ErgoSleeve is designated for the measurements of muscle activity, functions, and fatigue and for the early detection of overstrain which may lead to far more serious health problems such RSI. It is very probable that with the proper adjustment of load and early detection of muscular problems prevent serious health consequences. This requires carefully targeted ergonomic measures and training of correct ergonomic work methods after the detection of overstrain by ErgoSleeve.

Some market validation studies both in Finland and the US suggest that about 50% of end users ranked ErgoSleeve as the top of potential solutions for reducing the risk of RSI. Also, the practitioners of the occupational health services were very interested in ErgoSleeve as an additional method for the field assessments. The end users also considered the proper price of ErgoSleeve. The average value estimation was $75 per pair and $20 for replacement sleeves.

It can be estimated globally that every second individual exposure to the constant use of high-tech devices requiring the use of fingers force. Over 50% of them have some short- or long-term symptoms and disorders due to the exposure. The market would be huge (over $100) if is just a fraction of potential end users would get ErgoSleeve for preventing and alleviating negative exposure and health consequences.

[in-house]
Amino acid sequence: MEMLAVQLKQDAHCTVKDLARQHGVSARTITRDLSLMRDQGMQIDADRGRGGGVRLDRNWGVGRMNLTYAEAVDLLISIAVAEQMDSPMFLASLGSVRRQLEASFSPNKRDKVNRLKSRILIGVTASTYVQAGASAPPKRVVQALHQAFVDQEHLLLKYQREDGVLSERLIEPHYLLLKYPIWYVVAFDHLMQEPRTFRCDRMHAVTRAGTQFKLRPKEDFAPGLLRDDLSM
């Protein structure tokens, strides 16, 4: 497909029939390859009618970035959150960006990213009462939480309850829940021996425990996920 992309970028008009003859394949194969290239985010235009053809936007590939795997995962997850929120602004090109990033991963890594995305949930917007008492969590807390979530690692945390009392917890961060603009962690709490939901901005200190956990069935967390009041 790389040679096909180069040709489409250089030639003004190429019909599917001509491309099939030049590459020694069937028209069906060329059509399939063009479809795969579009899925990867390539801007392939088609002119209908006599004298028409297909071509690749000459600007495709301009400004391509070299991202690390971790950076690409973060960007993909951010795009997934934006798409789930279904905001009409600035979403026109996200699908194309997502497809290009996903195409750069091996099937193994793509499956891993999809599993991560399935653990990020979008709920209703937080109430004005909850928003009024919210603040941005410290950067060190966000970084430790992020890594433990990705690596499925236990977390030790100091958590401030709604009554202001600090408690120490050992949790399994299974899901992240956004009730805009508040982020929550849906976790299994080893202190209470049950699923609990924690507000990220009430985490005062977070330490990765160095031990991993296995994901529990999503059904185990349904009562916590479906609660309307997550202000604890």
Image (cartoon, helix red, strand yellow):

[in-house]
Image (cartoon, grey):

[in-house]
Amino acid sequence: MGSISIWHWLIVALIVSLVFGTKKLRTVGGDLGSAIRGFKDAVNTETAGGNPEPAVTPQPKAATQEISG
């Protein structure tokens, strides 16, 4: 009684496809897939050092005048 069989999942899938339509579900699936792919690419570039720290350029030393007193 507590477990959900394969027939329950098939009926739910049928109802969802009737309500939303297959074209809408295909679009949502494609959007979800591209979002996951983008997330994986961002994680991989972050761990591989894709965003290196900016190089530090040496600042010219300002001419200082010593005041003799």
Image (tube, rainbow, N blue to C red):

In addition to sports and rehabilitation, the basic parameters of ErgoSleeve have been used in studies on muscle load in various jobs and tasks such tram driving, shoveling of snow and ladling in the industrial kitchen. Also, the assessments of usability of manual tools (pruners, axes) have been completed successfully in the collaboration with the Fiskars Group.


  • Alizadeh BN. Market validation report. ErgoSleeve: Ergonomic injury rehabilitation and re-injury prevention via a sensory-textile-enabled muscle performance monitor. InBac-International Business Accelerator. Santa Clara, CA 2010.

  • Louhevaara V, Järvelin S. Electromyography of the shoulder muscles, heart rate and heart rate variability on tram drivers. Proceedings of Nordic Ergonomics Association Conference 2011, Oulu, Finland, 80-84.

  • Tolvanen P, Kähkönen J, Louhevaara V. Menetelmä käsillä tapahtuvan työskentelyn ergonomian ja kuormituksen määrittämiseksi ja laite menetelmän soveltamiseksi. Patenttijulkaisu FI 124550 B. Patentti- ja rekisterihallitus. Suomi-Finland 2014.